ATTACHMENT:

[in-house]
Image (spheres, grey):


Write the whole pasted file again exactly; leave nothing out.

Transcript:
[in-house]
Image (spheres, grey):